Chpt. 3, Hellenic and Hellenistic Cultures Flashcards Preview

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Flashcards in Chpt. 3, Hellenic and Hellenistic Cultures Deck (27):


the agricultural laborers who were ruled over by a warrior elite and composed 4/5 of Spartan people; in order to keep them in check when men were away in battle, even Spartan women were trained for war



one of the early Greek reformers, he established laws that prohibited enslavement for debt and allowed most citizens to vote



another Greek reformer, he imposed extremely stringent laws; that is why today, if a law is very strict, it is referred to as "draconian"



a Greek reformer who created an assembly of elected male citizens for the Greek people; his rule promoted equality before the law and freedom of speech, and he is known as the father of democracy



governor's of the provinces of the Persian Empire


King's Eyes and Ears

spies of the Persian Emperor who closely monitored the activities of the satraps; this was necessary because the empire was large and hard to control


Darius 1

the greatest of the Achaemenid (Persian) rulers, he ruled Persia at it's greatest extent, and introduced standard coinage and a standard calendar



Darius successor who moved against Greece c.
480 BC


Persian War

the war between Xerxes of Persia and the Greeks; although both sides had victories and the Persians at one point sacked the city of Athens, the Persians were unable to have a decisive victory against the Greek army, and since the war was very costly to them, they were forced to return unsuccessfully


Royal Road

a system of roads in the Persian Empire that was used by merchants and couriers (of mail); the couriers were known for their speed



a narrow mountain pass in Greece; here the 200,000 strong Persian army was held off by 300 Spartan warriors, creating enough time for the Athenians and other fighters to get back to the defense of Greece


Delian League

a union between Athens and neighboring poleis originally intended to take back certain territories from Persia; after this was accomplished, Athens used it for their own economic development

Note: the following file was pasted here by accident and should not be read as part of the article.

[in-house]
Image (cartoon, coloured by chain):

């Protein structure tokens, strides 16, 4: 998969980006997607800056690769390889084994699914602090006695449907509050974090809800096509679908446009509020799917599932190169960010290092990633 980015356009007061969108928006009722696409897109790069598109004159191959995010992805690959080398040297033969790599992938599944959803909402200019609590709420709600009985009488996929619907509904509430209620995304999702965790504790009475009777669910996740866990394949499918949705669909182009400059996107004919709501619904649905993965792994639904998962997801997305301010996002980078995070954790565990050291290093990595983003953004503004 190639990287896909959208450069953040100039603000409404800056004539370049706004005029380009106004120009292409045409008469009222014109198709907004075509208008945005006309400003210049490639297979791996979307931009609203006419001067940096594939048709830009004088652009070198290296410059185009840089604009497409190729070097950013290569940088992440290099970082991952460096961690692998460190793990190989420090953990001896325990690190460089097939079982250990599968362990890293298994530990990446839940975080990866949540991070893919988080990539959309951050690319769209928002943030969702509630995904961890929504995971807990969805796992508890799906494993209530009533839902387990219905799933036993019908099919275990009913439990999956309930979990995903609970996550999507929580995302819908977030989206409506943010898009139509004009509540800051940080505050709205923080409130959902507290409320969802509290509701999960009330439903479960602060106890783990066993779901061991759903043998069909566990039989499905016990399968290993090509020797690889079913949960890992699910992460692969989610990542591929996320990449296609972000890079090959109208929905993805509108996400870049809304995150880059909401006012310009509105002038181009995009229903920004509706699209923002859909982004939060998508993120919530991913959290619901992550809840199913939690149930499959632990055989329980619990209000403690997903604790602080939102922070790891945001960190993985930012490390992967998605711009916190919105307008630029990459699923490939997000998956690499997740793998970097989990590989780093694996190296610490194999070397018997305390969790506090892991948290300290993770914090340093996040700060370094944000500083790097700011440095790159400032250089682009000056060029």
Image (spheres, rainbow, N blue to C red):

Peloponnesian League

a league formed between Sparta and it's allies in response to the growing power of the Athenian sea empire


Peloponnesian War

a war that broke out between the Delian and Peloponnesian Leagues, eventually the Spartans beat Athens, but overall this war led to the degradation of Greek power, and it's ability to defend itself


Oracle at Delphi

a well-known Greek oracle, or divine prophet


Greek intellectualism

their emphasis on order and reason led them to many intellectual achievements, such as the development of theories of the motion of planets, the classification of elemental principles (fire, iair, water, earth), and mathematical theories such as the Pythagorean theorem, formulated by Pythagorus (500s B.C)


Greek drama

this included tragedy and comedy; like Shakespearian drama, tragedies involved a great character with a tragic flaw, oftentimes hubris (pride)


Greek art

the Greeks had great art, which focused on the golden mean (the concept of avoiding extremes in proportions); this concept of the golden mean was applied by the Greeks to life as well


Greek architecture

this was the best in the world at the time, and most of it (in fact most of their accomplishments in general) was created in Athens when they prospered through economic control of the Delian League



a fine example of Greek architecture; a temple to Athena (her statue is now missing, but the rest remains), it sits atop the Acropolis of Athens


Philip 2 of Macedon

the ruler of Macedon to the north of Greece; after the Peloponnesian War when Greece was weak, he took it over, and died unexpectedly soon after


Alexander the Great

the son of Philip 2, he was well educated, and had been personally tutored by Aristotle; he continued his father's conquest, taking over the entire Persian Empire as well as parts of Asia


Hellenic culture

Greek culture


Hellenistic culture

the blending of Greek, Egyptian, Indian, and Persian culture that resulted from the brief unification of these areas by Alexander; under his encouragement, intellectual culture flourished to a much greater degree than it had during the Persian Empire; it was centered on the city of Alexandria, Egypt


Aristarchus and Ptolemy

two Hellenistic astronomers who argued about the motion of the planets; the first person in history to propose that the earth revolved around the sun (the heliocentric theory) was Aristarchus, while Ptolemy believed that the planets revolved around the earth (geocentric theory)


the 3 main eastern philosophies in the Hellenistic system

Cynicism, Stoicism, and Epicureanism



an Egyptian Greek in the 3rd century BC who wrote "Elements of Geometry," considered the most significant mathematical argument ever written